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National Museum of Australia

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Collection Explorer


'Mungily' by Veronica Lulu, 2007


'Mungily' by Veronica Lulu, 2007

Object information


"This one bush tucker. Walmajarri people were living on this bush tucker. The old people used to collect them and dry in the sun. The seeds from this plant (Mungily/Mungilypa) can be dried, washed to remove salty taste and rolled into damper and cooked. This was food for our ancestors." [Veronica Lulu]

See painting IR 5004.0059 by the same artist for more information on Mungily.

Physical description

A brown linen square canvas covered with multilayered small dots in gold, lemon, red, orange, brown and green on a black background. On the right edge of the painting is the text ' VL/162/PAR'. The left side has the text '45 x 45cm', and '4', while '18 x 18' is written along the bottom edge. On the back of the canvas is a stamp and written text which reads 'Cat # / 162 / form. / The / Canning / Stock / Route / Project. / VERONICA LULU / PARAKU IPA.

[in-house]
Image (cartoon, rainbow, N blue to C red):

Statement of significance

The Canning Stock Route collection is comprised of 125 works and includes paintings, drawings, baskets, boomerangs, coolamons, headdresses, carved figures and shields.

The Canning Stock Route is a no-longer-used cattle droving route that traverses the Great Sandy and Gibson Deserts of central Western Australia. Comprised of 48 wells along an 1800 kilometres stretch of track, the route links Wiluna in the south with Sturt Creek in the north and traverses the traditional lands of nine Aboriginal language groups. The route was founded in 1905 when Alfred Canning was commissioned to investigate a route suitable for the droving of 500 head of cattle, with water sources spaced at intervals of no more than one day's walk apart. Although Canning's map records observations of the land and water resources, it makes no mention of Indigenous places and their associated meanings which the route traversed. This collection, composed of 'painting stories', sculptural works and oral histories, re-dresses Canning's omission and records the impact of the stock route on Indigenous lives and country. A six week journey with traditional owners held in July and August of 2007 inspired the artworks, many of which were produced during the journey, and provided an opportunity for more than 70 senior and emerging artists to reconnect with traditional lands..

Object information

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